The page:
Fathi Bashagha-led government in Libya decides to operate from Sirte after failing to enter Tripoli

While Bashagha was appointed as prime minister this year in February by the Tobruk-based Libyan parliament, the Abdul Hamed Dbeibah-led government has refused to resign and hand over power

May 18, 2022 by Peoples Dispatch
Libya conflict
Fathi Bashagha. (Photo: Alwasat)

After repeatedly failing to enter capital Tripoli, the Fathi Bashagha-led government in Libya has decided to base itself in the central city of Sirte from Wednesday, May 18. The decision was announced by Bashagha in a video message hours after he was forced to move out of Tripoli following a fight on Tuesday between his government’s forces and those loyal to Prime Minister Abdel Hamied Dbeibah.   

Libya currently has two prime ministers. Bashagha was appointed in February this year after accusing Dbeibah of misusing state power. His government claimed that Dbeibah’s mandate was over in December after it failed to carry out elections as per the UN-led peace process plan. 

However, Dbeibah refused to resign claiming that Bashagha’s appointment was illegitimate. Dbeibah has said that he will only hand over power to a new government elected by the people. 

Bashagha and members of his government tried to enter Tripoli on Tuesday, May 17, after waiting for over two months for Dbeibah to hand over power. Bashagha’s attempt to enter the capital led to a gunfight between forces loyal to Dbeibah and forces of the Libyan parliament.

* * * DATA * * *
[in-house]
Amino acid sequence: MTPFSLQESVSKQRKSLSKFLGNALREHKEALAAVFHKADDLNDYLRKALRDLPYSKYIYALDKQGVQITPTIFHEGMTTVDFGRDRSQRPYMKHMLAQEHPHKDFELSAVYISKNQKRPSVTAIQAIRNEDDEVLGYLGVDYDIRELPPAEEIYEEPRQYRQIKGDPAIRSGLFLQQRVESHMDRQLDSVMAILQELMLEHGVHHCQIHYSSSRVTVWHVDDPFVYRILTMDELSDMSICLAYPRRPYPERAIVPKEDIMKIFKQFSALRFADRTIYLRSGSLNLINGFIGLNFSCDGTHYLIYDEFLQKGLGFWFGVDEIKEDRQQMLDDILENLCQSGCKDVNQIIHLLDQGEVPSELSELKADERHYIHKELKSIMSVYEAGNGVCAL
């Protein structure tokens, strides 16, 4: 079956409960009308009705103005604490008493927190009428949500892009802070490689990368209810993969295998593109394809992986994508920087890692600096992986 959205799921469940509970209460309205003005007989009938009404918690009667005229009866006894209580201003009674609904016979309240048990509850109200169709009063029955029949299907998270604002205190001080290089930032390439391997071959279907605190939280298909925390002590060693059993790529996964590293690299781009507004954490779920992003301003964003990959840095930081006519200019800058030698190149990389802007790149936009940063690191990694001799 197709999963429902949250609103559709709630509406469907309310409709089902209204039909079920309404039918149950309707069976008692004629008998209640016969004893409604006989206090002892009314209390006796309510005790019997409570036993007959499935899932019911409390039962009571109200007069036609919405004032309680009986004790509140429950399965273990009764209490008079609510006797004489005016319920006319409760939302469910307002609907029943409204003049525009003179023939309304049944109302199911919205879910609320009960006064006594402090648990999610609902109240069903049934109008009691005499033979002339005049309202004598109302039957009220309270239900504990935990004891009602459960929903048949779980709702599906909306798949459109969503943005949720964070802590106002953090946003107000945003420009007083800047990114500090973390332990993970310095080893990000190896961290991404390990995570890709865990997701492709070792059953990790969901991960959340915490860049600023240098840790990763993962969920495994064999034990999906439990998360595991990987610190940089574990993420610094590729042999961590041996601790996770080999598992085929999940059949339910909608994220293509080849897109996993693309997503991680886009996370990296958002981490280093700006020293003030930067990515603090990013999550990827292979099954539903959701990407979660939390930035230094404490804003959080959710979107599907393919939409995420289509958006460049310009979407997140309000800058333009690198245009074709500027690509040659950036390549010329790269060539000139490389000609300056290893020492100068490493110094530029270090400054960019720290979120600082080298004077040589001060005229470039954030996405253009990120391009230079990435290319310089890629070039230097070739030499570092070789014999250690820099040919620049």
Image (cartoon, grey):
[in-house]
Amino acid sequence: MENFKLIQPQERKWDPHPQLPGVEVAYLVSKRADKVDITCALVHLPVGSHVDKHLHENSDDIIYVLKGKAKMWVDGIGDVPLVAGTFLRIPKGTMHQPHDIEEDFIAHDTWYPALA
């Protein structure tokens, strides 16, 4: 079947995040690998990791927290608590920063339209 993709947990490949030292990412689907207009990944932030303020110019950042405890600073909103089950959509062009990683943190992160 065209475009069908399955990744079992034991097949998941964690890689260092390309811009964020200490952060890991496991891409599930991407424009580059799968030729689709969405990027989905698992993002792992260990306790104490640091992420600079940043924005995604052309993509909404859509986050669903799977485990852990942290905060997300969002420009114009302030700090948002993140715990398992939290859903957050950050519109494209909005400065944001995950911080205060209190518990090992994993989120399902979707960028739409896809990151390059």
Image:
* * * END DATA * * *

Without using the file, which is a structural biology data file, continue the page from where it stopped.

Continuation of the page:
Following the gunfight, Dbeibah addressed the nation assuring that the situation had returned to normalcy. He accused the “armed outlaw group” of the violence and reiterated that his government will continue in power until the national elections.  

Last month, forces loyal to the Libyan parliament blocked oil export from the country, forcing Libya’s National Oil Corporation to suspend production from some of the fields. The forces moved to block the production of oil following the announcement of suspension of their participation in the 5+5 Joint Military Committee last month demanding Dbeibah’s resignation.  

The United Nations Stability Mission in Libya (UNSMIL) is organizing talks in Egyptian capital Cairo between the representatives of both the governments to resolve the conflict. 

The Dbeibah-led interim government was appointed by the UN-mediated Libyan Political Dialogue Forum (LPDF) in February 2021, along with a three-member presidential council led by Mohammad Younes Menfi. The interim administration was assigned the task of conducting national elections in December 2021. However, elections did not take place due to controversies related to candidature and electoral law. 

The national elections were supposed to mark a transition in Libyan politics and end the war in the country which began in 2011 following the NATO-led invasion. The UN was finally able to achieve a ceasefire among all the parties of the war in October 2020 and initiated the LPDF. 

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